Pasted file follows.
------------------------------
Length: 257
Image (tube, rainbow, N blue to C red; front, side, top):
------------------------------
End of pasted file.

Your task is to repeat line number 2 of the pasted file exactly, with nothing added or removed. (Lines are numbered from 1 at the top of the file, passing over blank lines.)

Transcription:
Image (tube, rainbow, N blue to C red; front, side, top):